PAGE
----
Spiritual Spam Filter Set to High
I think we are so used to getting spiritual “spam” that we filter out important messages. It is a challenge to stay mindful and consciously connected to G-d in our daily routines.
Some examples of spiritual spam include making blessings without paying attention, offering serious prayers such as Kaddish or Birkot Hashachar while winding tefilin and folding and unfolding the talit, and studying sacred texts without contemplation.
Recently I had the privilege of praying in a Shul that seemed quite ordinary and typical from appearances. There was nothing particularly outstanding in terms of architecture, customs, or cantorial abilities. Yet, they enacted two practices that blew me away: First, when Keriat HaTorah was finished instead of jumping into the mumble-rush-race of uttering Yekum Purkan, the rabbi klopped on the Bimah and announced there will be a one minute pause in the prayers to allow people to return their chumashim to the shelves. This was a remarkable countermeasure to the irony that Yekum Purkan was composed in Aramaic to allow for the common unlettered folk to appreciate its significance, while of course nowadays, it is rendered even less comprehensible because of its foreign words. This shul’s respectful practice gave people a chance to find the place in their siddurim and contemplate yekum purkan.
Another superb feature of this Shul was that the announcements were made after Kaddish and after Adon Olam. The prayers were completely concluded before the Gabbai spoke. This Shul’s practice is another proof to “Feuerman’s First Prayer Postulate”: The amount of decorum and respect for davening in any Shul can be measured by the inversely proportionate time slot for community announcements. The earlier the announcements are in the prayer service, the less overall decorum. The reason for this ratio is because the less decorum and more talking there is, the earlier the leadership needs to make important announcements before people leave for kiddush or otherwise mentally check out. Many shuls now resort to announcements before Keriyat HaTorah in the hopes of keeping people hostage to the Torah reading. However, this Shul exceeded all expectations, with everyone quietly waiting through the lengthy announcements even after prayers were concluded.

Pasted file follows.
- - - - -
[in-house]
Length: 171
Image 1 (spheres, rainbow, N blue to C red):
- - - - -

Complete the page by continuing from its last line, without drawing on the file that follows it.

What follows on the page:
One of my current studies is in Talmud Menachot. The section I am engaged in now debates and analyzes intricacies regarding the salt portion placed on sacrifices. I confess my sins today - I am not sure if I even once pondered what these ancient observances mean to me and how they should inform my daily conduct. Yes Torah study Lishmah, for its own sake, is a key principle, and thus even ancient Temple practices are to be intricately studied. But affirming that all parts of Torah are valuable and relevant does not mean that we aren’t supposed to ponder their meaning. Actually, it argues for the opposite. That is, if it is a mitzvah to study every part of Torah then there must be a value and meaning that is contemporary and personal within each part.